Monday, November 21, 2011

Surf to Sound Challenge - Humbling Experience

We had about 6 Charleston locals make it up to the Wrightsville Beach, NC "Surf to Sound Challenge" race. As the "press release" below mentions, conditions were tough, but a great day. Cool, but sunny. Very windy, choppy, and good sized surf. I read a few articles that quoted the winds gusting into the 20 knot range...was at least in the teens. The beach / surf start was humbling for most of us. Even with years of surfing experience under our collective belt, I think most of our crew had a bit of trouble getting through the 2 sets of breaks, some in the chest to shoulder high range. Doesn't sound too scary, but was certainly more tricky than expected when on a long race board, and with 50 fellow racers shoulder to shoulder with you.

During the elite race, after getting through the surf, the fairly disorganized, windy chop in the open ocean was the next fun challenge - at least we had a nice wind at our backs. Most of us took a few swims -- it wasn't unusual to hear the splashing sound of nearby racers taking a plunge as well. Would have been pretty fun chop / swell / downwind conditions to navigate on a casual day. But, in the setting of trying to paddle fast and actually RACE at the same time, it was definitely a humbling experience.

After rounding the jettys into Masonboro Inlet, the water became a bit more calm. There was a brief downwind, sheltered intracoastal creek stretch...much too brief. We then rounded a buoy and headed into a pretty stiff wind for about 3 miles up the channel toward the finish line. This was a brutal stretch - everyone pretty much just held their ground. Not much dualing or changing of places going on as we were grinding it out into the wind during that final, long leg. I did have one drafter within an inch of my tail for a good 2 miles or so -- hope he enjoyed my help! Wish he had returned the favor.

Everyone did well. Most of us learned a lot.

Joe Mosquera was the top Charleston-area finisher in the men's 14ft elite, finishing 7th. Jenny Alderman was the first Charleston-area woman to finish the elite, in 5th place. As has been the rule this year, these Wilmington/Wrightsville races bring with them great competition and strong paddlers. The overall winner was a former Canadian Olympic gold medalist in sprint canoeing, Larry Cain.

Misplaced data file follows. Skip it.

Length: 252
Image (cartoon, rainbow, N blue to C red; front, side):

Please see the press release below for some more details...full results can be seen on

NC Surf to Sound Challenge "exceeds expectations"

Wrightsville Beach NC...Stand Up Paddleboard competitors from three nations, ten states and the District of Columbia, enjoyed sunny skies and temperatures in the 60's for today's inaugural NC Surf to Sound Challenge. Shawn Spencer, Race Chairman, said: "Today's North Carolina Surf to Sound Challenge exceeded all expectations. Over 107 racers joined us today in this benefit FOR Masonboro Island."

However, Northeast winds were strong at 10-15 knots, and the surf was rough for the ocean start. Seas were three feet, increasing the challenge for the elite athletes. Elite paddlers navigated a 6.5 mile course, with a Le Mans style beach start, running to pick up their boards and splashing into the frequent and heavier than usual surf. Once getting past the breaking surf, the elite athletes braved the open Atlantic Ocean, battled through Masonboro Inlet, and paddled the channel behind Masonboro and Wrightsville into a stiff wind before reaching the finish line.

Winners: Elite Surf to Sound Challenge Race

Men's 14 ft category
Larry Cain, Burlington, Ontario, Canada, Time: 1hr 11min 09 sec Note: Larry is a Gold Medal Olympian and World Champion in Sprint Canoeing, and in the Canadian Sports Hall of Fame
Doug Ellis, Virginia Beach, VA
Chris Hill, Holly Ridge, NC
James Bain, Wilmington, NC
William Miller, Manteo, NC

Women 12.6ft category
Kate Lewis, New Bern, NC, Time: 1hr 32min 44sec
April Zilg, Wilmington, NC
Kim Sutton, Wilmington, NC
Kimberly James, Wilmington, NC
Jenny Alderman, John's Island, SC

Elite Masters 50+
Tom Pace, Pensacola, FL Time: 1hr 24min 30sec
William Pope, Wilmington, NC
Guy Davis, Hampstead, NC
Clay Thornhill, Charleston, SC
Michael Metzger, Key Largo, FL

Intermediate paddlers crowned their champion on a 4 mile flatwater course, the popular Harbor Island Outer Loop. While conditions were more serene than the elite course, racers faced stiff winds, tide changes and intense competition as they navigated the wide water circle around Harbor Island and the now famous Loop.

Winners: Intermediate Harbor Island Outer Loop

Men 14ft Division
Steve Dullack, Virginia Beach, VA, Time: 44min 23sec
Mike Stanaway, Raleigh, NC
Steven Capps, Wrightsville Beach, NC
Ratley Warren, North Myrtle, SC
Kris Matson, Cary, NC
Women 12.6ft Category
Karen Wilson, Kure Beach, NC Time: 49min 22sec